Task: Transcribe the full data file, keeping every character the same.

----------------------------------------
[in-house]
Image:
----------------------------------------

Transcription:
[in-house]
Image: